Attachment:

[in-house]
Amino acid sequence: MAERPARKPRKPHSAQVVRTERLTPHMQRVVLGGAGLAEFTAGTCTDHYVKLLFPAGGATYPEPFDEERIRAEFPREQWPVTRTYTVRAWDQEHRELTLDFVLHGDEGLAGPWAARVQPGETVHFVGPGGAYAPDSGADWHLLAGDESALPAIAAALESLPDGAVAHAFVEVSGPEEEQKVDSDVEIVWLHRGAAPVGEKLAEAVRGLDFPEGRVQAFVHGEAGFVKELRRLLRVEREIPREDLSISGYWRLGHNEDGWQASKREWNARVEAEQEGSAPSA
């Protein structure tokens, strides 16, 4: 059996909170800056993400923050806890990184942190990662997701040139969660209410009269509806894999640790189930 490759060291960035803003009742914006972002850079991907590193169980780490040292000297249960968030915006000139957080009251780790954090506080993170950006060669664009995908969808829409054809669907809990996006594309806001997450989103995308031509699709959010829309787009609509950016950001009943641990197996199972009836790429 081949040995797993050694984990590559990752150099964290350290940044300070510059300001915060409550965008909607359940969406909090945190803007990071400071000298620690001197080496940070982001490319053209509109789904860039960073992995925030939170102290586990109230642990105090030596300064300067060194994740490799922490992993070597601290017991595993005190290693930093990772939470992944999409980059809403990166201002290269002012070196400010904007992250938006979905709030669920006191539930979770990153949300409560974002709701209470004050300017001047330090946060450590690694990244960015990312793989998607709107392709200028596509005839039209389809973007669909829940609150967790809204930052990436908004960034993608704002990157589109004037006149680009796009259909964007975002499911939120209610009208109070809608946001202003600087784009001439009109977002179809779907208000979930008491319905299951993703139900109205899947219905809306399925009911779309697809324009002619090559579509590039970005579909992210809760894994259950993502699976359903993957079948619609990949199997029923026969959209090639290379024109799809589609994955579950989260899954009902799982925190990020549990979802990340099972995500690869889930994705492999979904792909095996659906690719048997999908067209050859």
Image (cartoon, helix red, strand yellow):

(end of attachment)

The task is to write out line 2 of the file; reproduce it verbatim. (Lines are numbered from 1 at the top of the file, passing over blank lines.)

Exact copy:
Amino acid sequence: MAERPARKPRKPHSAQVVRTERLTPHMQRVVLGGAGLAEFTAGTCTDHYVKLLFPAGGATYPEPFDEERIRAEFPREQWPVTRTYTVRAWDQEHRELTLDFVLHGDEGLAGPWAARVQPGETVHFVGPGGAYAPDSGADWHLLAGDESALPAIAAALESLPDGAVAHAFVEVSGPEEEQKVDSDVEIVWLHRGAAPVGEKLAEAVRGLDFPEGRVQAFVHGEAGFVKELRRLLRVEREIPREDLSISGYWRLGHNEDGWQASKREWNARVEAEQEGSAPSA